Anyway, since Ontario is doing nothing about “the development of materials that can be widely disseminated to the general public over time” (from recommendation 1.1 above), and since all the accessibility barriers not only continue to exist, but seem to be multiplying over the years, and since I sit here unable to do much of anything except try to find solutions to the suffering I and so many others experience, while experiencing severe brain fog and other problems due to the systemic barriers, I play with images, and over time, I’ve generated quite a few to fill in the glaring void, but inevitably, some come with a dose of snark.
Due to the lack of official actions, and a lot of attitude, most people are still choosing products over the well-being of other people. This gets old… so here is my latest (really, all it takes is a decision to become fragrance-free,and then it’s easy):
This is more of a public health PSA than one that is geared only for people with MCS/ES and all the others who are immediately adversely affected by exposures to fragranced products, because quitting fragrance will have benefits equal to or greater than quitting smoking as far as public health is concerned.
The final report didn’t have much emphasis on removing accessibility barriers (or creating fragrance-free environments), it was more focused on increasing general awareness, although they did admit:
“The task force has heard anecdotal accounts of patients, particularly those
with ES/MCS, avoiding hospitals even when they need them.”
“A major barrier for people living with ME/CFS, FM and ES/MCS is a lack of awareness of these conditions on the part of providers and staff in health care settings, which means they are often unwilling to accommodate patients when they seek care.”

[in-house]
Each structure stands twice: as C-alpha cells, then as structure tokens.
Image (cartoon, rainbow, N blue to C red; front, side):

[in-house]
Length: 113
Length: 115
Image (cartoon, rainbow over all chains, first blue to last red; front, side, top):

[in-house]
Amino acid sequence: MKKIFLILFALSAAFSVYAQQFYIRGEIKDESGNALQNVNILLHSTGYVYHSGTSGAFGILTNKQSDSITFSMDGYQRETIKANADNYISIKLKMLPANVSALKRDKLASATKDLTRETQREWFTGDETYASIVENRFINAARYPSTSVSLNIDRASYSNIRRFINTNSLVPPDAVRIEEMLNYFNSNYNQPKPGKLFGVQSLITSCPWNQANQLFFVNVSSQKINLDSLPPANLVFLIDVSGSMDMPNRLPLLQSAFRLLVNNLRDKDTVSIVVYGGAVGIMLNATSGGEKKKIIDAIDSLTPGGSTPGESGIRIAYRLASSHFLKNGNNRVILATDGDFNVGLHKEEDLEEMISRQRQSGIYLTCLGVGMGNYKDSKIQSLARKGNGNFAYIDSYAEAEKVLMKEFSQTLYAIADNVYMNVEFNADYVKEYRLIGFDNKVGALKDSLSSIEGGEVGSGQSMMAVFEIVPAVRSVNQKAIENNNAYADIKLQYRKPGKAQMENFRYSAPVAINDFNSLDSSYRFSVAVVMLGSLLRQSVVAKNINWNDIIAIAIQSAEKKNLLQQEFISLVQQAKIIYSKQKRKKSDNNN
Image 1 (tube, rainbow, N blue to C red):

So why are fragranced products accessibility barriers, and fragrance-free policies so important for people with MCS/ES?
“When exposed to fragranced consumer products, 86.2% of those with MCS experience one or more types of health problems, including respiratory difficulties (50.3%), migraine headaches (46.9%), mucosal symptoms (46.9%), skin problems (37.9%), and asthma attacks (31.7%). Similarly, 81.2% of those with chemical sensitivity report one or more types of health problems when exposed to fragranced products.”
For 76.0% of people with MCS, the severity of these health problems was potentially disabling according to the criterion of the Americans with Disabilities Act Amendments Act of 2008 (ADAAA), asked by the question: “Do any of these health problems substantially limit one or more major life activities, such as seeing, hearing, eating, sleeping, walking, standing, lifting, bending, speaking, breathing, learning, reading, concentrating, thinking, communicating, or working, for you personally?”
Fragranced products also restrict access in society: